Ingersoll Lockwood

From Wikipedia, the free encyclopedia
Jump to navigation Jump to search
Ingersoll Lockwood
Ingersoll Lockwood, age 35.jpg
Born(1841-08-02)2 August 1841
Ossining, New York
Died30 September 1918(1918-09-30) (aged 77)
Occupation
  • lawyer
  • writer
RelativesRalph Ingersoll Lockwood (uncle)

Ingersoll Lockwood (2 August 1841 – 30 September 1918) was an American lawyer and writer. As a writer, he is particularly known today for his Baron Trump children's novels. However, he wrote other children's novels, as well as the dystopian novel, 1900: or; The Last President, a play, and several non-fiction works. He wrote some of his non-fiction under the pseudonym Irwin Longman.[1][2]

Life and legal career[edit]

Lockwood was born in Ossining, New York, the son of Munson Ingersoll and Sarah Lewis (née Smith) Lockwood. Munson Lockwood, like his two older brothers, Ralph and Albert, was a lawyer and intimate friend of Henry Clay. However, Munson primarily achieved prominence as a military man and civic activist. He was a general in the New York State Militia and commandant of its 7th Brigade. A great admirer of the Hungarian statesman and freedom fighter Lajos Kossuth, Munson actively raised funds for him in New York. He was also one of the founders of Ossining's first bank and Dale Cemetery and served as the Warden of Sing Sing prison from 1850 to 1855.[3]

Like his father and uncles, Ingersoll Lockwood also trained as a lawyer, although his first position was as a diplomat. In 1862 he was appointed Consul to the Kingdom of Hanover by Abraham Lincoln. At the time he was the youngest member of the US consular force and served in that post for four years. On his return he established a legal practice in New York City with his older brother Henry.[3][4]

By the 1880s Lockwood had established a parallel career as a lecturer and writer. In 1884, he married Winifred Wallace Tinker, a graduate of Vassar College and aspiring author. They were divorced in 1892. That same year she married Edward R. Johnes, a lawyer by profession and a literateur by avocation.[a] He was described in Current Literature as Winifred's "kind and most sympathetic literary advisor."[5][7][6]

Lockwood spent his retirement years in Saratoga Springs, New York where he published his last book, a collection of poetry entitled In Varying Mood, or, Jetsam, Flotsam and Ligan in 1912. It opens with juxtaposed photographs of Lockwood at age 35 and at age 70. In the preface, he wrote:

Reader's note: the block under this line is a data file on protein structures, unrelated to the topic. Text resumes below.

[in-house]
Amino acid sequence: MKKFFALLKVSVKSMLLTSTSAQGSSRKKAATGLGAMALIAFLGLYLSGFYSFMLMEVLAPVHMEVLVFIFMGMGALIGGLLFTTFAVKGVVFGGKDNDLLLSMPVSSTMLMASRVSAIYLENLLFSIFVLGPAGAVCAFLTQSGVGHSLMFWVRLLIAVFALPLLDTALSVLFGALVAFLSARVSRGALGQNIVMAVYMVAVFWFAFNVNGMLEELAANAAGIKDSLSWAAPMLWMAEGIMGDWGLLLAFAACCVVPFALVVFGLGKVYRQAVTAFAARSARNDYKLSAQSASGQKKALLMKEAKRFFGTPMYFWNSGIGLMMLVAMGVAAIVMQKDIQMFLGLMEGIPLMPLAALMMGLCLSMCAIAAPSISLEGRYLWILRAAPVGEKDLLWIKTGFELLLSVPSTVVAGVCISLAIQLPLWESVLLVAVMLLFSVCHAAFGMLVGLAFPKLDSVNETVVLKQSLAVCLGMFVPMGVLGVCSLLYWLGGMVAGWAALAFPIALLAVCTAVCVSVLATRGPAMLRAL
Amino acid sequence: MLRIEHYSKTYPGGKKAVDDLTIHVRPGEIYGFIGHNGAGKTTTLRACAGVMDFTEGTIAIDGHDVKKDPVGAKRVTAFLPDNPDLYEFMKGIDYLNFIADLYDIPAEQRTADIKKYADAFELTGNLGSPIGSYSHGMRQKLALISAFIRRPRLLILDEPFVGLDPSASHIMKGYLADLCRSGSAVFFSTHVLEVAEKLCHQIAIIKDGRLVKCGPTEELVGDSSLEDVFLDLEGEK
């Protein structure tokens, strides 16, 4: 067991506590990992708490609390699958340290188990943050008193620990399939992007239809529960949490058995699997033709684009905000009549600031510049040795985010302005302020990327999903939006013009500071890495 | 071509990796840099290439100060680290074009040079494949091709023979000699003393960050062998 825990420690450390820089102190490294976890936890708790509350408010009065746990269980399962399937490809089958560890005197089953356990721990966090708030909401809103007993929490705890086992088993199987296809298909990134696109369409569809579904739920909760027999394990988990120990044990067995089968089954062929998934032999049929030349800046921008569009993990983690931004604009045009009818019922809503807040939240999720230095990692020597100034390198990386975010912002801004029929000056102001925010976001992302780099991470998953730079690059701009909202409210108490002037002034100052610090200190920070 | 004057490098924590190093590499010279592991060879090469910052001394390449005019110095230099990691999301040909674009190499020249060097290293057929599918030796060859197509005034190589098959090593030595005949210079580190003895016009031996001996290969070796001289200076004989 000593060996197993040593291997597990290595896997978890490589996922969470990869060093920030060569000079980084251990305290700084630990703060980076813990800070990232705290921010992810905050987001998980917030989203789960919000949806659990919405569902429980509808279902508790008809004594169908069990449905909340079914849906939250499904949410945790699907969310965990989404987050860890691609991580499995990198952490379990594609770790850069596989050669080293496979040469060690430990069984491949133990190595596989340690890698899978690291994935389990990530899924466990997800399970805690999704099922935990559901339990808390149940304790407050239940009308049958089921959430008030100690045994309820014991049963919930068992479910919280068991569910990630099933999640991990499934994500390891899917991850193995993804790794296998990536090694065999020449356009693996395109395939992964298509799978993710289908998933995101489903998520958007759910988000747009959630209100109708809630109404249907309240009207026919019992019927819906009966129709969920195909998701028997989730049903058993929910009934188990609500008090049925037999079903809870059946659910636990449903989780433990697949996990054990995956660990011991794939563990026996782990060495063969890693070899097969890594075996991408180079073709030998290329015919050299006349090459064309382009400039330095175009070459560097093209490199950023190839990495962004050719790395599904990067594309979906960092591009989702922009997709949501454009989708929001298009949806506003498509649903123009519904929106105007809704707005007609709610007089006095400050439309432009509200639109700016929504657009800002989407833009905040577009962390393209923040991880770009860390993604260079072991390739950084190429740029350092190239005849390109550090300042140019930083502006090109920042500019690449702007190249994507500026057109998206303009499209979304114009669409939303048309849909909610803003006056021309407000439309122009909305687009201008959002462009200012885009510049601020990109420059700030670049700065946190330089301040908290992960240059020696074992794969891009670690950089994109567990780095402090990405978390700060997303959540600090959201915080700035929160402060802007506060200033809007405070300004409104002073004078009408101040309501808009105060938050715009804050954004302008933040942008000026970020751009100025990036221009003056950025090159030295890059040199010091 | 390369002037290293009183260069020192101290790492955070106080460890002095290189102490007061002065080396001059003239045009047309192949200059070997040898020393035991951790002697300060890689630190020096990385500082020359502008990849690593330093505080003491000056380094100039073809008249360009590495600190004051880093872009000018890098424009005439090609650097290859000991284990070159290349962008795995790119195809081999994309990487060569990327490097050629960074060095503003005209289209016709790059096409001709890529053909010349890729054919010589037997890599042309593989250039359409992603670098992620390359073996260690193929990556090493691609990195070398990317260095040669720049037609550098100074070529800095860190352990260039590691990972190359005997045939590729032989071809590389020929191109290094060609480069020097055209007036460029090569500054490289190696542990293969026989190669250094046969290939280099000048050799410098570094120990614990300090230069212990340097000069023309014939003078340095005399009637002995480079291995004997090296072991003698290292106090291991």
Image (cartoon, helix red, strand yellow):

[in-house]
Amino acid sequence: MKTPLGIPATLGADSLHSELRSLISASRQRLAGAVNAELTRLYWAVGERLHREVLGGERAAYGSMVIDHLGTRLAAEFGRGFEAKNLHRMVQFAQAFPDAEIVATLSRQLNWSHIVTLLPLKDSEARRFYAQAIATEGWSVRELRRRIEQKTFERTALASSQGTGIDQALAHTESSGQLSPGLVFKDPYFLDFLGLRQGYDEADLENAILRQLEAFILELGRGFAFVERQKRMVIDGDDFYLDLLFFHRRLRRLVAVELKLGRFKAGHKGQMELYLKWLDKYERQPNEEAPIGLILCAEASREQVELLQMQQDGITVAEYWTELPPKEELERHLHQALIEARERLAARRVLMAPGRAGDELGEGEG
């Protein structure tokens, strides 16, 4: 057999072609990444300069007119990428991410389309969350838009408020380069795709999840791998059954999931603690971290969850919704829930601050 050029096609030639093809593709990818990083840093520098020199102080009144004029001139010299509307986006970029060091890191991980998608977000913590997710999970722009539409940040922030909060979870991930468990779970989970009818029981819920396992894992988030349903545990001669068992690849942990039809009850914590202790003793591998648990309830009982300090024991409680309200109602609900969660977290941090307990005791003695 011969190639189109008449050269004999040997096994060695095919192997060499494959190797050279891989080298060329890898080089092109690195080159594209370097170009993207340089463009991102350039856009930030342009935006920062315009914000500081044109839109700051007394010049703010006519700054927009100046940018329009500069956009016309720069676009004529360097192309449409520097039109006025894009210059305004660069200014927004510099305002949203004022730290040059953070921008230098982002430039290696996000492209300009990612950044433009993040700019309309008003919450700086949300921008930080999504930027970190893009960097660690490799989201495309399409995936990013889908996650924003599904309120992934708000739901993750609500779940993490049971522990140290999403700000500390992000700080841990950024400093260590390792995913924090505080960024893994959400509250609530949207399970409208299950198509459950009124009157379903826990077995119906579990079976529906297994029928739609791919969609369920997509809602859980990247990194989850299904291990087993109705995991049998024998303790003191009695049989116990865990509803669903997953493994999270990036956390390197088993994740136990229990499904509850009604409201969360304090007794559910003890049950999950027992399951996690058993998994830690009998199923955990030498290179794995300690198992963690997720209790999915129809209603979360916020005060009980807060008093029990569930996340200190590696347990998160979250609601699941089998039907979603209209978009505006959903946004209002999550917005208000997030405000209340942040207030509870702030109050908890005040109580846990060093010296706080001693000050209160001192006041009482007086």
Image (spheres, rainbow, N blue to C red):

The end has almost come. I'm only waiting for the signal to push off and begin my voyage to the Isles of the Blest in the far Western Seas. I was troubled in my mind at first, for my little bark, staunch though it may be, sat too deep in the water. It was overladen with conceits that wouldn't be current and merchandise that wouldn't be saleable in the Isles of the Blest. Overboard with it! Now that I have lightened ship I feel better.[8]

Lockwood died in Saratoga Springs five years later at the age of 77.[4]

Notes[edit]

  1. ^ Edward Rodolph Johnes (1852-1903) specialised in corporate and business law. He wrote a number of pamphlets on legal issues and also published a book of poetry, Briefs by a Barrister, in 1879. After their marriage, Winifred Tinker Johnes published several short stories and two novels, Miss Gwynne, Bachelor (1894) and Memoirs of a Little Girl (1896).[5][6]

References[edit]

  1. ^ Bleiler, Everett Franklin (1990). Science-fiction, the Early Years, p. 447. Kent State University Press. ISBN 0873384164
  2. ^ Fuller, Jaime (7 October 2017). "Trump Is the Star of These Bizarre Victorian Novels". Politico Magazine. Retrieved 7 October 2017.
  3. ^ a b Holden, Frederick A. and Lockwood, James (1889). Descendants of Robert Lockwood. Colonial and Revolutionary History of the Lockwood Family in America, from A.D. 1630, pp. 552–553; 702–704.
  4. ^ a b New York Times (3 October 1918). "Ingersoll Lockwood, Lawyer", p. 13
  5. ^ a b Yale University (June 1903). Obituary Record of Graduates of Yale University Deceased in the Academical Year ending in 1903, pp. 252–254
  6. ^ a b s.n. (July 1896). "General Gossip of Authors and Writers: Winifred Johnes". Current Literature, Vol. 20, No. 1, p. 9.
  7. ^ The Courier-Journal (25 October 1892) "Ingersoll Lockwood's Former Wife Becomes Mrs. Edward R. Johnes". p. 6
  8. ^ Lockwood, Ingersoll (1912). In Varying Mood, or, Jetsam, Flotsam and Ligan, p. v. Ingersoll Lockwood.

External links[edit]